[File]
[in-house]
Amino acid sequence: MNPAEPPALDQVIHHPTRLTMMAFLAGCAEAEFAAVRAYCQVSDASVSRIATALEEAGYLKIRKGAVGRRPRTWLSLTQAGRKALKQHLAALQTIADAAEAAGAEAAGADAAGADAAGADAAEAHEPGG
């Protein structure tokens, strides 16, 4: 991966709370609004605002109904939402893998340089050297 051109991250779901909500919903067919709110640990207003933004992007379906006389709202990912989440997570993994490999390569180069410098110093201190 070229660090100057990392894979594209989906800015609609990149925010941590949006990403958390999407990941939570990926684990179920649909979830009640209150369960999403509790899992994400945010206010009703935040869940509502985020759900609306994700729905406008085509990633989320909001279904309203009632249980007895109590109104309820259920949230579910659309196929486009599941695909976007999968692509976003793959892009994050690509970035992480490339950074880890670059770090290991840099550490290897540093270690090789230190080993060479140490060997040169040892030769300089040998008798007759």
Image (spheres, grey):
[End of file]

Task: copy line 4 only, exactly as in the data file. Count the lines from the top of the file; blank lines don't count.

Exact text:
Image (spheres, grey):